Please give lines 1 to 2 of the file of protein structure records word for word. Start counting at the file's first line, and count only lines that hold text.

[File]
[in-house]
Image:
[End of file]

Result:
[in-house]
Image: